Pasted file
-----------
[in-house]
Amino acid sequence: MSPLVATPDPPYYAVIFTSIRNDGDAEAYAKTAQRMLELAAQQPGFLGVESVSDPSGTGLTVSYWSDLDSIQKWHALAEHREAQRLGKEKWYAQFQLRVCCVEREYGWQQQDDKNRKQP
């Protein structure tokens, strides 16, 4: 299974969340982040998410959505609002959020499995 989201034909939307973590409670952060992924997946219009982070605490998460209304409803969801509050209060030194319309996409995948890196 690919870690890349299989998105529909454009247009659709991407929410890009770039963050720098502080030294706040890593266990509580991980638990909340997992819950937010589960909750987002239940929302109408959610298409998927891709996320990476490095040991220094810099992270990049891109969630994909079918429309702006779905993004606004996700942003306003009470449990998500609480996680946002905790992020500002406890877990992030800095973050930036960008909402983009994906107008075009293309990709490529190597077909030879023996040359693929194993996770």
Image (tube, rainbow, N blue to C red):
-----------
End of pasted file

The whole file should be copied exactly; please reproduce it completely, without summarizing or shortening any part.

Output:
[in-house]
Amino acid sequence: MSPLVATPDPPYYAVIFTSIRNDGDAEAYAKTAQRMLELAAQQPGFLGVESVSDPSGTGLTVSYWSDLDSIQKWHALAEHREAQRLGKEKWYAQFQLRVCCVEREYGWQQQDDKNRKQP
């Protein structure tokens, strides 16, 4: 299974969340982040998410959505609002959020499995 989201034909939307973590409670952060992924997946219009982070605490998460209304409803969801509050209060030194319309996409995948890196 690919870690890349299989998105529909454009247009659709991407929410890009770039963050720098502080030294706040890593266990509580991980638990909340997992819950937010589960909750987002239940929302109408959610298409998927891709996320990476490095040991220094810099992270990049891109969630994909079918429309702006779905993004606004996700942003306003009470449990998500609480996680946002905790992020500002406890877990992030800095973050930036960008909402983009994906107008075009293309990709490529190597077909030879023996040359693929194993996770």
Image (tube, rainbow, N blue to C red):